The importance of hugging each other

From the Web: Psychology & Religion Hugging

Sannyasins are widely known for their spontaneous loving hugs. Yet who knew the significance of touch for the emotional and physical health for all humans – from newborns to old persons? Thanks to Dr. Mercola who provided the research.


From the time you were born until the day you die, touch is an important part of your emotional and physical health. Infants deprived of touch grow up with developmental and cognitive delays, attachment disorders and higher risk of serious infections.

These early touch-based interventions demonstrate the need for touch in psychological regulation. The benefits of touch don’t diminish with age. The late Virginia Satir, psychotherapist and generally acknowledged as a pioneer in family therapy, spoke about the importance of touch and hugs as it relates to a person’s emotional health, saying:

“We need [four] hugs a day for survival. We need [eight] hugs a day for maintenance. We need 12 hugs a day for growth.”

This may represent the minimum and optimum thresholds to generate sufficient oxytocin, a hormone released by your pituitary gland in response to physical touch. The simple act of hugging may not only increase your bond with others, but may also boost your physical and emotional health.

Touch is the primary language to communicate compassion and is fundamental to communication, bonding and health. It supports the immune system, reduces stress, encourages sleep and has no side effects. It doesn’t drain your batteries, but recharges you instead.

Humans are wired so that hugs make you feel all warm and fuzzy inside. Whether it’s a mother-child embrace, a hug from a friend or a squeeze from your significant other, research suggests these touches deliver some real emotional and physical health benefits.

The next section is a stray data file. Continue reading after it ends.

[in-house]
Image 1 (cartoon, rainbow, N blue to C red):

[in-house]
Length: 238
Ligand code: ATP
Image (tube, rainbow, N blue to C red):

The basis for several of the benefits psychologists associate with hugging is the result of release of oxytocin. Also called the ‘love hormone’ or ‘cuddle hormone’, it is released from your pituitary gland, triggering a flood of emotions depending upon the environment in which you associate the hormone.

The bonding experience of oxytocin is not limited to infancy, but also translates into adulthood, triggering feelings of trust and support between people who hug.

These reactions are the result of actions as a neurotransmitter on the emotional center of the brain. The release of oxytocin with hugging triggers feelings of compassion for the other person, a necessary form of connection and support during times of psychological stress or grief. Feelings of intimacy and closeness give you an optimistic sense of where you fit socially and a positive sense of well-being.

A hug is also one of the easiest ways to demonstrate appreciation and acknowledges the person you are hugging as important to you. Nearly 55 percent of all communication is nonverbal, so a single gesture of hugging is an excellent method of communicating love and care.

In this short video below, Cordero Roman does an inexact social experiment on hugging. Watching the video you may be able to ‘feel’ the difference between the hugs just from the individuals experience on film.

It may be difficult to get hugs each day living in a country where physical touch is not encouraged, or if you live alone. Some people don’t want to hug fearing cold viruses. Others don’t want to hug or may be afraid of how another person may interpret the hug. Be aware of how the other person feels and seek out others who may also want a hug that day. Remind yourself as you meet people, well all need hugs each day. As you look for opportunities, more will appear. Above all, be spontaneous!

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